Former pro football player sues casino over remarks, pay
January 4, 2014
A retired professional football player is suing a former employer. The one-time linebacker has no qualms with New Jersey’s New York Jets, where he played in 1993 during the last year of his career. Mike Merriweather charged his ex-employers at a casino with making racially-motivated comments.
The general manager of The Meadows Racetrack & Casino near Pittsburgh was Merriweather’s teammate at a West Coast college. The former Jet was hired in the spring of 2011 as the casino’s sports marketing director to draw athletes to the entertainment venue. Part of Merriweather’s pay was dependent upon gambling proceeds from the invited athletes.
The lawsuit alleges Merriweather was the victim of race-related remarks and wrongful termination. The retired athlete said the company also failed to pay commissions Merriweather earned before he was fired a year ago.
Merriweather claims his white managers made derogatory remarks to him, insinuating that the African American ex-linebacker might become violent. One of the reasons Merriweather said he was hired was due to the retired football players “cordial demeanor.” Oddly enough, the former Jet is a minister and certified counselor for people with substance abuse and anger issues.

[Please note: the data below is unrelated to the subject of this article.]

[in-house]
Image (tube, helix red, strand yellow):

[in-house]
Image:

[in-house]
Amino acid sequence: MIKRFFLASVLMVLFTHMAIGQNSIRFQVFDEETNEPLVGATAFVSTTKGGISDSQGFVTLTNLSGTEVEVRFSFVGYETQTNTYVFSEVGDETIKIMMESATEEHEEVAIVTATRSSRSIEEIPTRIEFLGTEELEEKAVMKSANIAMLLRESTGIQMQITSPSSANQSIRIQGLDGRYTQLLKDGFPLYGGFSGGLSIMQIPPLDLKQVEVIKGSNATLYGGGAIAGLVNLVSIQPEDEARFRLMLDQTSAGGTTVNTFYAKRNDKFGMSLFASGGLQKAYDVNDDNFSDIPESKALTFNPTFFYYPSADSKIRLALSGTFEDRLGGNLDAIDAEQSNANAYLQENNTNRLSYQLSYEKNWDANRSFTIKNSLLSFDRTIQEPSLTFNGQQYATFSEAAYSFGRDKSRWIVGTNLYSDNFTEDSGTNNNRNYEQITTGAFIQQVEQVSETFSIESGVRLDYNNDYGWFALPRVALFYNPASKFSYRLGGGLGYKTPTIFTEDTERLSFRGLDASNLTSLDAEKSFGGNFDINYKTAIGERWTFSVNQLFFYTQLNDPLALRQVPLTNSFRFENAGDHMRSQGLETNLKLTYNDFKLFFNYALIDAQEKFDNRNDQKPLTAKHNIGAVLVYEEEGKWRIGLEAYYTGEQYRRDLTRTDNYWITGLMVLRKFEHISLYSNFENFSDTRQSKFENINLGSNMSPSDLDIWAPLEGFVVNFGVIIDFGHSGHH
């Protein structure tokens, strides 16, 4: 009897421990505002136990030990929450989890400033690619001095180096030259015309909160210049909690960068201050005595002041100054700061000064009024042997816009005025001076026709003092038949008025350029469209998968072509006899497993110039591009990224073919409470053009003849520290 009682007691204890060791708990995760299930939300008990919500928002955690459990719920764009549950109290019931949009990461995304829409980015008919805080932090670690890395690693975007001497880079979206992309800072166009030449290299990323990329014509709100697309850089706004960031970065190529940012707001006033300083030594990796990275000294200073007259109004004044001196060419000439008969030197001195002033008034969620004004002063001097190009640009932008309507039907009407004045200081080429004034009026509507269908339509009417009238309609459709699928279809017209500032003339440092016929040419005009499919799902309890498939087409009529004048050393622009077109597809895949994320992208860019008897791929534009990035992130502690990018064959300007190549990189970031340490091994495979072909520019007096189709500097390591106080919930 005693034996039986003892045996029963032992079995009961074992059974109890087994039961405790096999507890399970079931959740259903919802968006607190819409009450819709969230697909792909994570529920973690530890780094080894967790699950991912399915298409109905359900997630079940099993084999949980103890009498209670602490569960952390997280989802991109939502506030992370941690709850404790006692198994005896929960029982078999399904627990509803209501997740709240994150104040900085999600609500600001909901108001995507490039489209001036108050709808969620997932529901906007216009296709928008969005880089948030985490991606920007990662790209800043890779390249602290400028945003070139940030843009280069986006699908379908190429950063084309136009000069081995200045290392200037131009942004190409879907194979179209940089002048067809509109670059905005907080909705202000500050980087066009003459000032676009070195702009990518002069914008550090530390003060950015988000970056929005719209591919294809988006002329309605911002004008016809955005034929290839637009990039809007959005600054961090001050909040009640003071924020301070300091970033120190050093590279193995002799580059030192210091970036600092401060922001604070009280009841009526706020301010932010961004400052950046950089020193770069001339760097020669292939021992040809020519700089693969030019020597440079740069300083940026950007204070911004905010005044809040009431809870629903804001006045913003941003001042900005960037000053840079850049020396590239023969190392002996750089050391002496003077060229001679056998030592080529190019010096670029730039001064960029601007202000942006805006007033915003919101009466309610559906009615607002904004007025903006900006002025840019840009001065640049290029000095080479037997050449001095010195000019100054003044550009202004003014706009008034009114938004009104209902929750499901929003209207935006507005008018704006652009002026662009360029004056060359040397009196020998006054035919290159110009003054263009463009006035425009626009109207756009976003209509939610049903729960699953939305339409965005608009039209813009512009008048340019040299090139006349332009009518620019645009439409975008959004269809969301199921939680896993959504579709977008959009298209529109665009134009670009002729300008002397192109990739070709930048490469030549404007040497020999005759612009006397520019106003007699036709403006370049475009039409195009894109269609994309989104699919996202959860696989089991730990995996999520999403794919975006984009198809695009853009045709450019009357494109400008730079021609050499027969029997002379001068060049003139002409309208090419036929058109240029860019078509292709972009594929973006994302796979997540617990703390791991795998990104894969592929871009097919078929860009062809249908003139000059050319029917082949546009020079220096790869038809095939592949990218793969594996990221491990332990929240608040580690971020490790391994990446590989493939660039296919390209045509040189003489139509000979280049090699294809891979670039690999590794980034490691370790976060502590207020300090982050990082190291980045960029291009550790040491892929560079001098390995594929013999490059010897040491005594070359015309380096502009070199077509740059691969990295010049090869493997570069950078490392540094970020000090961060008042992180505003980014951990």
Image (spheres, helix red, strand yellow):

The federal complaint, which did not list a specified damage amount, said Merriweather was shut out of communications and meetings in his department before the termination.
The interpretation of employment laws can come down to a phrase. Last summer, the New York Times reported the U.S. Supreme Court redefined the description of a supervisor in harassment cases. The ruling dropped the previous qualifications and narrowed the description of supervisors to people who take “tangible employment actions” against workers.
An employer’s improper actions could include employee reassignment, demotion or unwarranted firing, among other negative workplace behaviors. The change in the law may seem subtle to an outsider and confusing to an employee targeted by harassment, but the change is enough to impact liability lawsuits.
Source: The Associated Press, “Ex-Steeler Merriweather sues western Pa. casino” Joe Mandak, Dec. 26, 2013